OLED consists of a thin layer of anode – typically indium-tin oxide, ITO, -upon the plastic or glass substrate, and a number of organic layers, the main of them being the Light Emitting Layer, covered by a thin film of metal cathode. The whole thickness of this heterostructure is only about 100-200 nm!s

The advantages

  • High resolution,
  • high observation angles,
  • high efficiency
  • low production cost
These are only several of the advantages of OLEDs. Among the others, not yet fully realized, but clearly achievable, are:

  • the possibility to make them fully transparent
  • the possibility to make them flexible
  • and the unlimited ways of application, such as luminescent cloths, rolled displays, and whatever else you fantasy will allow.

What is the problem

As OLEDs meet the mass market, the price of the device becomes of crucial importance. Nevertheless, though in principal OLED technology offers very cheap production, currently OLED devices are very expensive. One of the reasons is extremely high cost of the emitting materials.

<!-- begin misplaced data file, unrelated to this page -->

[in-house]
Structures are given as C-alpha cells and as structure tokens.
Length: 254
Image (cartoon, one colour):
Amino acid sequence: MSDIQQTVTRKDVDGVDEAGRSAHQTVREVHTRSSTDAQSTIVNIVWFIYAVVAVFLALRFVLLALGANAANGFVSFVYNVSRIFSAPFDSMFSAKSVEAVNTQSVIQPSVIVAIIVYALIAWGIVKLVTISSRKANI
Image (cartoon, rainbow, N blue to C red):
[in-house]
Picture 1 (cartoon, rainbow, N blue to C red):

Our solution

Instead of using expensive iridium compounds, we offer to use cheap lanthanide complexes.

OLED Structure



EVOLED LCC has found the new approach to create emissive layer based on lanthanide aromatic carboxylates. Our method has no analogues on the market. By using a unique expertise of our scholars, we have found a way to deposit highly emissive and stable lanthanide aromatic carboxylates thin films and made the impossible possible.

MLCFD Method

We optimized this chemical approach to deposit thin films of desired composition with appropriate characteristics as pure as within a host material.
The purposeful selection of ligands L has allowed us to deposit thin films of lanthanide derivatives of mono and di-carbonic acids with controlled thickness of 40-200 nm and roughness <4% of thickness.


Lanthanide aromatic carboxylates typically form coordination polymers due to very large lanthanide coordination numbers together with low denticity of the carboxylate ligands. It makes them insoluble and non-volatile – unlike their mixed-ligand complexes, in which coordination sphere is saturated thanks to additional ligands.
As soon as we find an additional ligand that can not only attach to the lanthanide aromatic carboxylate, but be also easily removed at heating, we can use a MLCFD method:

— deposit a thin film of a mixed-ligand complex from a solution
— and heat it up to the additional ligand elimination, but not too high in order not to destroy the aromatic carboxylate itself.

We have found such mixed-ligand complexes, suitable to obtain thin films emitting in both green and red with high quantum yields. You can find the detailed information in our papers and patents.